Born: 124 BC
Birthplace: Prusa, Bithynia
Died: c. 40 BC
Location of death: Rome, Italy
Cause of death: unspecified
Race or Ethnicity: White
Nationality: Ancient Greece
Executive summary: Corpuscular theory of medicine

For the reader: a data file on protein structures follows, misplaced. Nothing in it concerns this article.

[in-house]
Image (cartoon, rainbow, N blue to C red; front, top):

Greek physician, born at Prusa in Bithynia 124 BC, and flourished at Rome in the end of the 2nd century BC. He travelled much when young, and seems at first to have settled at Rome as a rhetorician. In that profession he did not succeed, but he acquired great reputation as a physician. He founded his medical practice on a modification of the atomic or corpuscular theory of Democritus, according to which disease results from an irregular or inharmonious motion of the corpuscles of the body. His remedies were, therefore, directed to the restoration of harmony, and he trusted much to changes of diet, accompanied friction, bathing and exercise, though he also employed emetics and bleeding. He recommended the use of wine, and in every way strove to render himself as agreeable as possible to his patients. His pupils were very numerous, and the school formed by them was called the Methodical. Asclepiades died an advanced age.
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